In 1999, when Levinson and Shi's study began, genomic technologies were nowhere near as advanced as they are today. But the recent hybridization of Silicon Valley-style microelectronics with biotechnology-bred DNA assay techniques has resulted in powerful new microarrays capable of scanning entire genomes for tiny variations called "single base-pair polymorphisms," or SNPs.

A DNA base pair is effectively the genome's smallest possible accounting unit — the penny, as it were, of genetic variation. As a simplified analogy, think of your genetic inheritance as a stack of 3 billion pennies, with each coin bearing one of four mint marks. If you set two such stacks (representing two individuals' genomes) side by side and compare two adjacent pennies' mint marks at any given height, they'll usually be the same. We're all descendants of a common ancestor, so the similarities in our genomic sequences shouldn't surprise anyone.

But evolution happens. Every few hundred "pennies" or so, you will observe a divergence, or SNP — one chemical "mint mark" on this genome, another on that one. With the human genome being so huge, this comes to something like 10 million SNPs, of which about a million occur with frequencies of at least 5 percent.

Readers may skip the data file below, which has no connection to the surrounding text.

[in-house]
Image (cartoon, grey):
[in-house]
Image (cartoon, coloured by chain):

Using commercially available "SNP chips" designed to detect those more-common variants, the investigators looked for differences between the DNA of people with schizophrenia versus the DNA of those without the disease. The scientists required that such differences achieve "genome-wide statistical significance." Here's why: If you flip a million coins, one at a time, you're going to see all kinds of seemingly miraculous events — say, 15 heads in a row — that may seem significant but are typical when you toss even a perfectly balanced coin so many times.

Shi's job was to devise analytical techniques to determine whether the "finding" of a SNP's greater likelihood among schizophrenics was real or spurious. The genomic region on chromosome 6 survived this rigorous statistical test.

"These findings show that our genetic methods are working, and that the genetic underpinnings of schizophrenia can be understood," said Levinson. "Similar methods have produced critical new discoveries in many other common diseases, once very large numbers of people could be studied. Now we see that the same approach works for psychiatric disorders like schizophrenia."


Pablo Gejman, MD, of Northwestern University was the senior author of the paper. Stanford co-author Alice Whittemore, PhD, professor of health research and policy, consulted on the study's meta-analytic methodology. The study was funded by the National Institute of Mental Health and by the National Alliance for Research on Schizophrenia and Depression.

The Stanford University School of Medicine consistently ranks among the nation's top 10 medical schools, integrating research, medical education, patient care and community service. For more news about the school, please visit The medical school is part of Stanford Medicine, which includes Stanford Hospital & Clinics and Lucile Packard Children's Hospital. For information about all three, please visit